Contrary to Rabbi Boteach’s article, fur coats are not made from exotic species – the fur trade is government regulated to ensure that endangered species are never used. God placed animals on this earth for man’s use (Bereshis 1/26) and God Himself chose garments of skins as His choice for clothing Adam and Eve (Bereshis 3/21).

It is no sin to like and enjoy nice things. Does Rabbi Boteach advocate that residents of Englewood (and Teaneck and Monsey and Boro Park) give up their million-dollar homes and move into more modest housing? Should they give up the new Lexuses or Lincolns in their driveways? It is these very folks who are tremendous baalei tzedakah and support shuls, yeshivot, mikvaot, and many other worthwhile endeavors.

So when Rabbi Boteach sees the women of Englewood walking to shul in their fur coats on a wintry Shabbos morning, he should praise Hashem for the abundance and wealth He has heaped upon His people, and praise the women for being such eishai chayel, for walking to shul in the bitter cold even when they have no chiyuv to daven with a minyan, for their wonderful midos and for their tremendous chesed and tzedakah.

Ira Widman
Edison, NJ
On Darwinism, Time And Language

Re the recent debate on evolution in your Letters section:

In considering the scientific findings about the past, it seems to me vitally important to distinguish between the findings themselves and the conclusions that have been drawn from them. It appears that from the very first, Darwinism was associated with social Darwinism. Evolution was said to favor the “fittest,” i.e., (in the eyes of the theorists) the “strongest,” those who would prevail over their fellows in “competition” which was and should be “ruthless.” Thus, removing the inhibitions against ruthlessness would lead to the evolution of the superior human – the “master race.” The Nazis were not the only ones who held these ideas; they were just the most shameless about putting them into practice.

Social Darwinism is not “scientific” in the sense of being a logical conclusion from the evidence. Many have pointed out that survival of a species can depend on many factors, including adjustment to the environment, protection of the young, cooperative behavior – all of which can be hindered, not helped, by competition. We see clearly from the “experimental results” that removal of inhibitions leads only to degeneracy.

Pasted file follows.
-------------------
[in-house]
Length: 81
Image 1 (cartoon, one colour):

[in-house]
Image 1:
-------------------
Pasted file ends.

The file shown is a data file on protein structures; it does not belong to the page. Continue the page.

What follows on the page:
But those who set up the theory of evolution against belief in the Creator seem, alas, to have been influenced by the Evil Inclination, which is always on the watch for excuses to believe that “there is no judgment and no judge.” They therefore published their findings as a “refutation” of faith.

Unfortunately, it seems that many people of faith have taken the bait. Instead of recalling the Psalmist’s “A thousand years in Your eyes are but a single day” and “How manifold are Your works,” instead of greeting with awe the revelations of the vast extent and intricacy of creation, they in turn have set up the authority of scripture as a barrier to block out all the vast horizons that have opened up.

The proper approach to “evolution” lies not in trying to discredit the evidence that the early ancestors of humans – in times so remote that the limited human mind cannot grasp how remote they really are – were primitive mammals. What we need to understand is that this in no way refutes Creation.

What this is really about is our relation to time. To have experienced hashgacha pratit (the Hand of Providence) is to realize that while on one level time seems to move forward – with what comes earlier appearing as the “cause” of what takes place later – in reality everything is brought about by God, Who is outside time. From the perspective of hashgacha pratit, what happened earlier may actually have occurred for the sake of what was to come later. When Moshe Rabbeinu saw the bush that burned but was not consumed, he saw that linear time (in which, of course, whatever burns must consume itself) is not the whole story.

Two final notes about the Genesis account: First, God creates the world by means of words – words that name things and express intentions about them. That is the nature of language. Science has not only “discredited” faith, it has also worked to discredit language itself as an instrument for grasping reality. But without language everything reverts to chaos and formlessness. (I am thinking of Helen Keller’s account of how the learning of a single word – “water” – turned a dark and silent chaos into a world.)

Second, is it possible for us to look at this problem, as it were, from God’s point of view? Suppose God wanted to tell us about the world He made and our place and purpose in it. Would it have made the slightest sense for Him to go into all that stuff about the Big Bang and the quarks and natural selection? He’d never have gotten to the mitzvot, and we wouldn’t have understood anyway, just as we don’t really grasp the enormity of His work even today. So He gave us an account we could absorb.

Now that we have a lot of new information about how God went about the business of creation, we must do our best to integrate it into a path of Divine service.

Esther Cameron, Ph.D., J.D.
Madison, WI

Letters to the Editor

Letters To The Editor

Wednesday, January 11th, 2006

Lessons From Misfits

Pat Robertson declares that Ariel Sharon’s massive stroke was the result of divine wrath for dividing the Holy Land. The ADL’s Abe Foxman tells Robertson that his views are un-Christian. There are a couple of lessons to learn from these two misfits.